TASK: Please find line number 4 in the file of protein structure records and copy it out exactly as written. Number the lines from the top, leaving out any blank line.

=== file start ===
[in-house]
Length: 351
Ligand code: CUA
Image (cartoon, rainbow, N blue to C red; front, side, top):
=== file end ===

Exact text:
Image (cartoon, rainbow, N blue to C red; front, side, top):